- ASIA 100 – Foundation of Asian Studies (meets CORE 104 requirement)
- BIO 103 & Lab – Biology 1 and Lab
- CHN 101 – Elementary Chinese I
- COMM 100 – Introduction to Communication Studies (Survey Course)
- COMM 101 – Introduction to Media
- CULST 100 – Approaches to the Study of American Society and Culture (meets CORE 102 requirement)
- CW 110 – Form in Poetry
- CW 120 – Narrative in Prose the Short Story
- CJS 105 – Introduction to Criminal Justice
- DANCE 101 – The Creative Athlete
- DSGN 100 – Introduction to Design Communication
- EDU 200 – Foundations of Education
- ENG 110 – Serpents, Swords and Symbols
- FILM 101 – Introduction to Film Studies
- FREN 101 – Elementary French I
- GRK 101 – Elementary Ancient Greek I
- HIST 100 – Making Global History
- HP 150 – Introduction to Historic Preservation
- ITAL 101 – Elementary Italian I
- NATSC 103 – Earth Systems Science & Lab
- GER 101 – Elementary German I
- GSS 100 – Introduction to Gender and Sexuality Studies
- LALS 100 – Introduction to Latin America & Latino Study (meets CORE 102 requirement)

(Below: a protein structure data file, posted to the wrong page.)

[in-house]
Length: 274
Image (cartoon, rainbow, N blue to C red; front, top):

- LAT 101 – Elementary Latin I
- LS 101 – The American Legal System
- MS 101 – Introduction to ROTC and the U.S. Army I
- MUSIC 170 – Basic Musicianship
- MUSIC 310 – Music in the USA (meets CORE 105 requirement)
- MUSIC 361 – Jazz Styles and History (meets CORE 105 requirement)
- NATSC 103 – Earth Systems and NATSC 103 Lab
- NATSC 430 – Special Topic – Principles of Oceanography
- PHYS 240 – Introductory Astronomy with Lab (meets CORE 101 requirement)
- PLS 100 – Introduction to Law and Legal Studies
- PHIL 100 – Introduction to Philosophy: the Art of Inquiry
- POLSC 100 – American Government and Politics
- PSYCH 100 – Introduction to Psychology
- SPN 101 – Elementary Spanish
- SUST 101 – Introduction to Sustainability Studies
- THEAT 110 – Acting I
- THEAT 130 – Art of the Theater (meets CORE 105 requirement)
- URBN 100 – Introduction to Urban Studies
- VARTS 101 – Foundations of Drawing
COMSC 110 and CNST 100 is limited to majors only. If an undecided student is interested in exploring either area, they should work contact:
CNST – Michael Emmer , COMSC – Tony Ruocco, ENGR – Janet Baldwin